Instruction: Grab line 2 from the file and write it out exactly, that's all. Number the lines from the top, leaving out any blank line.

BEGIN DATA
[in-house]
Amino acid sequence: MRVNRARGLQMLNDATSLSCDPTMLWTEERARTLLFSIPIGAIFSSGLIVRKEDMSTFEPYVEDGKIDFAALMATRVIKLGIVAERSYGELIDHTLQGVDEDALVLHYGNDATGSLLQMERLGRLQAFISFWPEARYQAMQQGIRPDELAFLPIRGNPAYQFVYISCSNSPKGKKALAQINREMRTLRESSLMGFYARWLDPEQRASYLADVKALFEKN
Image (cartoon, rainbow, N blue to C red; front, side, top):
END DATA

Amino acid sequence: MRVNRARGLQMLNDATSLSCDPTMLWTEERARTLLFSIPIGAIFSSGLIVRKEDMSTFEPYVEDGKIDFAALMATRVIKLGIVAERSYGELIDHTLQGVDEDALVLHYGNDATGSLLQMERLGRLQAFISFWPEARYQAMQQGIRPDELAFLPIRGNPAYQFVYISCSNSPKGKKALAQINREMRTLRESSLMGFYARWLDPEQRASYLADVKALFEKN